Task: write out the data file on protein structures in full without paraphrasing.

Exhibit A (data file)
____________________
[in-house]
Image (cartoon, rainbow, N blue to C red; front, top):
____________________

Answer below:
[in-house]
Image (cartoon, rainbow, N blue to C red; front, top):